2. A workup for hematuria or proteinuria should not be initiated before an abnormal urine dipstick analysis (UA) has been repeated. Dipstick analyses have a high incidence of false-positive tests. Patients with microscopic hematuria should have 3 repeated clean-catch UA’s with microscopy, to look for chronic hematuria. Also, patients with proteinuria on a random UA should have a repeat UA as a first AM void, with a urine protein/creatinine ratio.

3. After treatment for an uncomplicated UTI in patients who show evidence of clinical resolution of infection, follow-up urine cultures should not be ordered. Studies have shown that clinical resolution of infection is adequate for determining effectiveness of antibiotic therapy after treatment for a UTI.

4. Don’t initiate an outpatient work-up for hypertension in asymptomatic pediatric patients until the blood pressure measurement has been repeated. False-positive BP readings can often be seen in pediatric patients. Methodology should include assessment of blood pressure in the upper extremity by manual auscultation and with an appropriate-sized cuff. Prior to initiating a work-up for pediatric hypertension, persistent BP elevation should be documented by repeating blood pressures x 3 at the same visit, and at 2 additional visits.

5. Central lines, or peripherally inserted central lines (PICC), should not be placed in pediatric patients with advanced (Stage 3-5) chronic kidney disease (CKD)/end-stage renal disease (ESRD) without consultation with pediatric nephrology. The goals of this recommendation are to avoid adverse events, preserve long-term vascular access, and avoid unnecessary and costly procedures. Placement of these lines has been associated with an increased incidence of complications, including vascular injury, thrombosis, and central venous stenosis that can limit the future use of dialysis access. Cost is also increased due to the treatment of complications from the lines, requirement for radiological tests to identify patent vessels for dialysis, and the necessity for repeat surgical procedures to create vascular access for dialysis. Studies in children are limited, but research about PICC lines demonstrates a 23-57 percent incidence of thrombosis in adults and increased complications in children exposed to multiple PICC line placements. The recommendation to avoid central line placement is the basis of vascular access preservation in the “Fistula First Innovation” program for adult dialysis patients. Special consideration may be necessary in emergency circumstances in which no other safe access is achievable.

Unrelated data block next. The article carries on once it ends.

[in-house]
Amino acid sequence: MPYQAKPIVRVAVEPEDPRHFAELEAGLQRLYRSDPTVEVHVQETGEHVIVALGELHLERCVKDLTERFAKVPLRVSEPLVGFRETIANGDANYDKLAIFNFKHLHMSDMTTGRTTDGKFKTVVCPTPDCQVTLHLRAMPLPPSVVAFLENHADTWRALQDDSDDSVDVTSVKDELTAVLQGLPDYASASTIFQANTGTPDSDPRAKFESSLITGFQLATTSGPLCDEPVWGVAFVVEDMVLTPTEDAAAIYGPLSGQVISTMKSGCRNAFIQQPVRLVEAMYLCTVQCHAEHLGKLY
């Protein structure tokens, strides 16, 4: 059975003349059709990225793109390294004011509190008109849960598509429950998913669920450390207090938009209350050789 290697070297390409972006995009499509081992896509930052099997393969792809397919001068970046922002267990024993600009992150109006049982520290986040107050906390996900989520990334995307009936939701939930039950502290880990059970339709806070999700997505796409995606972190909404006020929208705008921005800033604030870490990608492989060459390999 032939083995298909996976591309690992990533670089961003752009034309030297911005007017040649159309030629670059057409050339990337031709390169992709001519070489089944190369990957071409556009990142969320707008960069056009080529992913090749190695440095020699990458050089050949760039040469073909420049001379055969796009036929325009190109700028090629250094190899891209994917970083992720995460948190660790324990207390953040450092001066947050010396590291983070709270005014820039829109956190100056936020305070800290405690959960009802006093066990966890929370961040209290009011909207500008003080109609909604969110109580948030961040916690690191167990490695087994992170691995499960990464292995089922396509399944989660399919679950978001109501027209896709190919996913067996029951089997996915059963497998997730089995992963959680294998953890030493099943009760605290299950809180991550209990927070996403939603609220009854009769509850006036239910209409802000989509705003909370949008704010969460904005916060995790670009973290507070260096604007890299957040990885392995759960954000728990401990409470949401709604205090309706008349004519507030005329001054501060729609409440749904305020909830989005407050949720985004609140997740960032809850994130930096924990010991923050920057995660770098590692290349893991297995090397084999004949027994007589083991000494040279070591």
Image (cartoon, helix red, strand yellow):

III. RECOMMENDATIONS FROM THE AMERICAN EPILEPSY SOCIETY
1. Avoid routine testing for anti-epileptic drug (AED) levels in patients with epilepsy if their seizures are well controlled, and no adverse effect is suspected. Also, reference ranges should not be used as a rigid framework. Some examples where testing might be considered include weight-based dosing adjustments in young children, adherence problems, suspected toxicity, and in pregnant women.5